When a widower with 10 children marries a widow with 8, can the 20 of them ever come together as one big happy family? From finding a house big enough for all of them and learning to make ...
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Abby McClure, a widow with three sons, and Jake Iverson, a widower with a teen-age daughter, get fixed up. They start dating and decide to get married. They're not prepared for the hostile ... See full summary »
"Cheaper By the Dozen", based on the real-life story of the Gilbreth family, follows them from Providence, Rhode Island to Montclair, New Jersey, and details the amusing anecdotes found in ... See full summary »
Drama critic Larry McKay, his wife Kay, and their four sons move from their crowded Manhattan apartment to an old house in the country. While housewife Kay settles into suburban life, Larry... See full summary »
Clay Spencer is a hard-working man who loves his wife and large family. He is respected by his neighbors and always ready to give them a helping hand. Although not a churchgoer, he even ... See full summary »
The trials and tribulations of the Winfield family in small town Indiana as Marjorie Winfield's boyfriend, William Sherman, returns from the Army after W.W.I. Bill & Marjorie's on-again, ... See full summary »
College-bound Andy (Mickey Rooney) blurts marriage proposals to his sweetheart Polly (Ann Rutherford) and her pert swimmer friend Sheila (Esther Williams). (Source: Turner Classic Movies + DirecTV guide)
When a widower with 10 children marries a widow with 8, can the 20 of them ever come together as one big happy family? From finding a house big enough for all of them and learning to make 18 school lunches, to coping with a son going off to war and an unexpected addition to the family, Yours, Mine and Ours attempts to blend two families into one and hopes to answer the question Is bigger really better? Written by
April M. Cheek <Aravis2713@aol.com>
When the television show, The Brady Bunch (1969) was in the beginning phases of production, the makers of "Yours, Mine and Ours" threatened to sue claiming that the concept was too similar to their own. The threat was withdrawn, however, when Brady Bunch producer Sherwood Schwartz countered the action with documentation that his original script was shown to have a copyright date before that of the movie. The final evidence that halted any legal proceedings was the fact that the original Brady Bunch title, according to the original draft of Schwartz's script, was "Yours and Mine." See more »
Driving back from the Japanese restaurant, the trio are on the upper deck of the San Francisco Bay Bridge. The upper deck runs westbound, into San Francisco from the east. To return to Alameda, eastbound from San Francisco, one would drive on the lower deck. This was likely known by the filmmakers who used upper deck footage because it's much nicer than the tunnel-like experience of the lower deck. See more »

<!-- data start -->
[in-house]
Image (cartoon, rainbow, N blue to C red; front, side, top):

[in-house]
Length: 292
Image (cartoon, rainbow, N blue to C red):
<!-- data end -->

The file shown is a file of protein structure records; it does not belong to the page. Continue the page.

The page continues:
[Helen is about to have a baby]
I know this is a terrible time to talk about it, but Larry says...
I've got a message for Larry. You tell him this is what it's all about. This is the real happening. If you want to know what love really is, take a look around you.
What are you two talking about?
Take a good look at your mother.
It's giving life that counts. Until you're ready for it, all the rest is just a big fraud. All the crazy haircuts in the world won't keep it...
[...] See more »
I have to admit that I had trouble with Henry Fonda and Lucille Ball in the leads largely because they both were really too old to play their respective characters (Ball was about 57 at the time and Fonda about 63). In the end the film is so well done that I forgot about that. Aside from the film "Please Don't Eat the Daisies", this is probably the best family movie of the 60's. The best thing about the film is the realistic way in which the family blends together. The usual problems are all there and the way in which Fonda and Ball deal with it is about what one would expect, a certain amount of good intentions, a bit of mistake making, sacrifice, and providing a good deal of love and support. The writing may not be politically correct in this day and age (the scene where Fonda's kids get Ball drunk, Ball spanks one of the boys, and there is also a certain amount of gender stereotyping), but it is this that gives the film its appeal and relatability. As Leonard Maltin points out, look for a some well known faces in the supporting cast. Tom Bosley as the doctor, Tim Matheson as Mike, a four or five year old Tracey Nelson, Morgan Brittany of Dallas fame, 70's TV staple Ben Murphy as the oldest daughter's boyfriend, and well known child actor Eric Shea who gives an endearing performance as young Philip, the kid that seems the most lost in the big family. All in all Dad Fonda sums the whole thing up when he describes for the oldest daughter (who's being pressured by the boyfriend to have sex) what love is really about and how this family is staying together, "It isn't going to bed with a man that proves that you love him it's getting up in the morning and facing the drab, miserable, wonderful everyday world that counts. I suppose having 19 kids is carrying it a bit too far, but if we had it to do all over again who would we skip, you?" And that is exactly what Helen and Frank are doing together, and the kids admire and respect them all the more for it.
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